Nothing against Boyle at all myself, just a few raised eyebrows. You can't always agree with EVERYTHING people say, don't want to become a sheeple.
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Old 03-20-2014, 09:42 AM   #27
John Kimbrough
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thanks for the link. Another intersting read
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Old 03-21-2014, 12:29 PM   #28
Blake Barnes
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Quote:
Originally Posted by Steve Shafley View Post
Will Heffernan, who owns/operates Informed Performance in Dublin, said something like this: "I don't know how these guys can make multi-disk DVD sets, write blogs and books, and keep answering questions on their paid forums. I have barely enough time to keep on top of my athletes' training and my own training."

With the huge upsurge in hiring assistance to put together material (as per Ferris' 4 Hour Work Week) I often wonder if any given guru's material is indeed their material, or the product of someone else and then given the guru's stamp of approval.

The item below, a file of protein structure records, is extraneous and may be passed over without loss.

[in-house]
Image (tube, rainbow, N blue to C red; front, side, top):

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Originally Posted by Steve Shafley View Post
There's a whole lot of crap associated with Boyle. I view him more as a marketer than anything else at this point.


These pretty much sum it up. I think you have to take everything that guy says with a grain of salt. Especially if you watch this video. If I remember correctly, he later went back to [bilateral] Squats and decided they were ok to do (maybe it was when his athletes were losing a lot of strength?).